- Welcome to "Meet the professional"!
- Maya Bello, Software engineer and YouTuber
- Sarah Northway, Game Maker and Nomad
- Brenda Jin, Mobile Prototyper and DJ
- Tom Heinan, Mobile Developer, Pilot, and Zombie
- Amy Quispe, Data Liberator and Developer Relater
- Bill Mills, Physicist and Interdisciplinary Programmer
- Carrie Cai, Researcher and Dancer
- Lauren Haynes, Product Manager and Lindy Hopper
- Marcos Ojeda, Designer, DJ, and Dog Owner
- Allyson Lubimir, Support Engineer and Cat Lover
Welcome to our series about computing professionals! Meet folks from a diverse range of careers in the computing field, from game development, to machine learning research, to mobile app creation for medical applications. Created by Pamela Fox.
Want to join the conversation?
- Do you plan on interviewing any more people (like John Resig...) later?(59 votes)
- From the author:Yes, we'll continue adding interviews. There's actually quite a few interviews with John already, since he's so famous: https://www.google.com/search?q=interview+with+john+resig&oq=interview+with+john+resig&aqs=chrome..69i57.2839j0j7&sourceid=chrome&espv=210&es_sm=91&ie=UTF-8#q=interview+with+john+resig+-site:ejohn.org&safe=active
I'm trying to do more interviews with people outside of Khan Academy, to show more parts of the industry.(72 votes)
- Is it the idea or execution that matters most? or something else?(7 votes)
- This is a very hard one. In my opinion it is the idea that matters most. If you do not have an idea then you can not execute anything. Right? This is just my own personal opinion, so others will think differently from me. What do you think?(18 votes)
- Why is it important to hear about the professionals?(5 votes)
- it's important to hear about the professionals because then one can learn about the professionals' mistakes and avoid making those mistakes in the future, it is like a mother and a baby, when the baby is born it doesn't know that if he touches the stove he will get burned,
then as he grows up his mother tells him about the times when she accidentally touched the stove and burned her fingers,
and the baby learns from his mother's mistakes instead of not having a mother and having to touch the stove on purpose just to see if the stove really burns(13 votes)
- I'm slightly torn between choosing electrical engineering, and computer science as a career choice. I am currently planning on taking a higher lvl physics, chemistry and higher lvl math (for engineering), but i could instead ditch chemistry/physics and go for a computer science class that is being offered at my school. I am slightly afriad of entering it as pretty much all the computer geeks who are considering entering already have lots of experience with programming/coding, while I have practically none (im just interested in it).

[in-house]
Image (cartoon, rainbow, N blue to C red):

Can any of u guys give me some advice, and help me decide.(5 votes)
- The geeks prove more than anything else that programming can be picked up at any time. I'd recommend EE over CS (though that is not my personal life's experience). Note that one does not exclude the other.(7 votes)
- I am an "active" retiree. Learned how to program in COBOL and FORTRAN ages ago and taught myself a little object-oriented coding a few years back but have forgotten. Would like to be able to create some say Android apps and also do some small-time consulting for friends. How should I get started relearning how to code? What would be best language to start? Any help is appreciated. Jim(4 votes)
- which language should i learn first(3 votes)
- The language you learn first does not matter as much as you may think mainly because most languages use similar ideas and constructs.
- I am 17 don't know anything about programming to be honest.
I am also quite confused about what and how to start with.(2 votes)
- I think you should start with the Intro to JS: Drawing & Animation course:
Voiceover: You know what's cool about computer science and computer programming? Well, you know, besides everything? There are tons of interesting job in fields that use computing knowledge, and those numbers are growing everyday. In this series, we interviewed a bunch of people that work with their computer knowledge for a living to find out what they do, how they learnt, and what their advice is for people new to the field. You can read about Sarah Northway, who's who an Indie game developer and world traveler. Yann Dauphin, who researches machine learning and plays bass guitar. Brenda Jin, who creates table prototypes for Macy's and bikes all around the hills of San Francisco. Tom Heinan, who creates medical mobile apps, and is learning to be a pilot on the weekends. Marcos Ojeda, a Khan Academy designer, developer, and dog owner, and a bunch more. So, go ahead a meet some professionals, and if you're not a computing professional yet, think about it. It could be a whole lot of fun.